Delmore Schwartz (1913-1966), American poet and critic, regarded as one of the most gifted writers of his generation
Delmore Schwartz (1913–1966), American poet and short-story writer
Ed Schwartz (1946–2009), Chicago media personality
Eddie Schwartz (born 1949), Canadian songwriter and record producer
Eduard Schwartz (1858–1940), German classical philologist
Eduardo Schwartz (born 1940), finance academic
Elliott Schwartz (1936-2016), American composer, Beckwith Professor Emeritus of music at Bowdoin College
Elliott Schwartz (1936–2016), American composer
Frederic David Schwartz (1951-2014), American architect, author, and city planner whose work includes “Empty Sky” and the New Jersey 9-11 Memorial, awarded the Rome Prize (1985)
Geoff Schwartz (born 1986), American NFL football player
George X. Schwartz (1915–2010), American politician
Gerry Schwartz (born 1940), Canadian businessman
Glenn Schwartz (born 1941), American musician
Gustav Schwartz (1809–1890), Austrian paleontologist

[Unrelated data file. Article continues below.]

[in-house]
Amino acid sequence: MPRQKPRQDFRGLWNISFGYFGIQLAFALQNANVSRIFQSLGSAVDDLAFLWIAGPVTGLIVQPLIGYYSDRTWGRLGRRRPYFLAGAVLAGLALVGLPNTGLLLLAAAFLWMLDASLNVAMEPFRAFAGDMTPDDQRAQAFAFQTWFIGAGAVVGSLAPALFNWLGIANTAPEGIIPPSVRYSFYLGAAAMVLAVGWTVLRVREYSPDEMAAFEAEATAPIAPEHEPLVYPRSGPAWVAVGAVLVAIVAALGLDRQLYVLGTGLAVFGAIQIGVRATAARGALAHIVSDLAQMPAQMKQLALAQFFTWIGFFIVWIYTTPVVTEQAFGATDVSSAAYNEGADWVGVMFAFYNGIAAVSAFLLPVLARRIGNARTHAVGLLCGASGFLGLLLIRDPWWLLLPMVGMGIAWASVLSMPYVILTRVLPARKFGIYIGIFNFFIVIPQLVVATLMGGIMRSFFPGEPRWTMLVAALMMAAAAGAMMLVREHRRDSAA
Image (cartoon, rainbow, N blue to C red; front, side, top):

György Schwartz, aka George Soros (born 1930), billionaire
Hanit Schwartz (born 1987), Israeli women’s soccer goalkeeper
Herbert Schwartz, American college sports coach
Hillel Schwartz (1923–2007), Egyptian politician
Hillel Schwartz (historian) (born 1948), American cultural historian
Howard Schwartz (writer and editor), American folklorist
Isadore “Corporal Izzy” Schwartz alias “The Ghetto Midget” (1900–1988), American world champion flyweight boxer
Isaïe Schwartz (1876–1952), former great rabbi of France
Jack Schwartz (1930–2009), mathematician & computer scientist
Jean Schwartz (1878–1956), songwriter
Jeffrey H. Schwartz (born 1948), American physical anthropologist
Jeffrey M. Schwartz, American neuroscientist
Jerome T. Schwartz (born 1951), American politician
Josh Schwartz (born 1976), American writer & producer
Julius Schwartz (1915–2004), editor & agent
Laurent Schwartz (1915–2002), French mathematician
Lillian Schwartz (born 1927), American artist
Lloyd Schwartz (b. 1941), American journalist who was awarded the Pulitzer Prize for Criticism in 1994 for his work with The Boston Phoenix
Marie Sophie Schwartz (1819–1894), Swedish novelist
Melvin Schwartz (1932-2006), American physicist co-winner of the 1988 Nobel Prize in Physics